How to grow rare cannabinoids in yeast

Biomedican - yeast

Cannabinoids are naturally occurring compounds found in the Cannabis sativa plant. As we’ve discussed in one of our previous blogs, these compounds have immense potential for consumer products and unique medicinal benefits.

However, as we talked, rare cannabinoids occur naturally in the plant Cannabis sativa, but in extremely small and inconsistent quantities. As these compounds are rare and difficult to isolate, there is a minimal supply of them. For every 10kg of cannabis biomass, you can extract less than 2g of rare cannabinoids, which is only 0.02% yield of the desired product.

That is why we work on an alternative way of obtaining rare cannabinoids, producing high-quality pure compounds at larger quantities.

What if we grow cannabinoids in yeast?

We thought, what if yeast can grow rare cannabinoids? Yeast is widely used for the biosynthesis of high-value compounds, so that it may work for cannabinoids.

Well, there are a few challenges here:

Cannabinoids require oil. Rare cannabinoids possess a variety of qualities that benefit humans, including antibacterial and antifungal properties. Unfortunately, the same aspects make them toxic to both plants and yeasts. In nature, the cannabis plant releases these cannabinoids in oily droplets found outside of the plant cells, called trichomes, to alleviate toxicity by diluting them in oils. Moreover, oils and cannabinoids use the same precursors for production; therefore, the higher the volume of oils produced, the more cannabinoids will be present. Can yeast do the same?

Yes, we use the particular type of yeast – oily yeast Yarrowia Lypolitica (YL), which produces more massive oily drops inside their cells, containing the larger amounts of cannabinoids than others yeast. Our patented method uses the specially engineered YL strain that produces up to 80% of its weight in oils.

Increasing yield. The second challenge is that naturally occurring YL contains unmutated NhpB synthase, producing low levels of CBGA with large amounts of undesirable byproducts. We used bioengineering methods to address this. By switching to the NphB enzyme, which creates more than 99% CBGA with higher efficiency and activity than the unmutated form, we significantly increased the yields.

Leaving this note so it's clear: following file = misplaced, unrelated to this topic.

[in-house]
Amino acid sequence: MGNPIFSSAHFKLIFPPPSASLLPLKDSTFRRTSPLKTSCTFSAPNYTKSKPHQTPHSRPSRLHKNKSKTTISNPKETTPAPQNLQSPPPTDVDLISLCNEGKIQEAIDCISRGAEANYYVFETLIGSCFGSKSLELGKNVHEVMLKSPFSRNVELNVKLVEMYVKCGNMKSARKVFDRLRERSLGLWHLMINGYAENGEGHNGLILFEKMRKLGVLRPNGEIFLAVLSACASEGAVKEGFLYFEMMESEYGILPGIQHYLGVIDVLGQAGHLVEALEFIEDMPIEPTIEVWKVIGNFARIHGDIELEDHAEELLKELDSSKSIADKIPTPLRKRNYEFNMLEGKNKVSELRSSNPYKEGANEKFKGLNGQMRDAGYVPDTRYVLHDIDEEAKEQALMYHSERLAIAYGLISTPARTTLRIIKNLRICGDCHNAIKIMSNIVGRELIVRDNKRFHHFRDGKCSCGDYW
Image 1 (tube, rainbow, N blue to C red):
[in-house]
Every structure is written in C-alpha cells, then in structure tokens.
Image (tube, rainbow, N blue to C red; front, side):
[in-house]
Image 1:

Besides, the fermentation we use has also been shown to be 2-5 times more productive than commonly used batch feed. We also use sugar as an inexpensive carbon source, which makes CBGA production highly efficient.

The result: high quality and high quantity of rare cannabinoids

By creating a strain of oily yeast that contains these compounds, we achieved a greater yield, higher quality, and a more sustainable production process. This process can be easily upscaled to produce larger volumes of pure rare cannabinoids that can be used in countless products across a wide variety of industries. Using a biosynthetic method to create these cannabinoids will ultimately allow these beneficial compounds to reach more people while minimizing environmental impact, cost, and resources. Our proprietary biosynthesis process and strain of proprietary yeast serve as a reliable source of pure low-cost clinical-grade cannabinoids biologically identical to those found in nature.

Saba IqbalAuthor posts

Dr. Saba Iqbal is a contributing writer for BioMedican. She's a clinical pharmacist turned writer. Dr. Saba's education includes a doctoral degree in pharmacy (Pharm D) from the University of Sargodha, Pakistan. In search of a career that would take advantage of her medical and pharmaceutical skills, Dr. Saba found medical writing – a career path a few medical students consider. In her journey "from a medical bench to pen," she has worked with several startups for many years managing content on biotech products, pharmaceuticals, drugs, devices, and techniques. While keeping up with the latest trends in medical writing, she aims to use her writing skills to clearly communicate complex scientific, medical, and health information to the potential investor and general audience.

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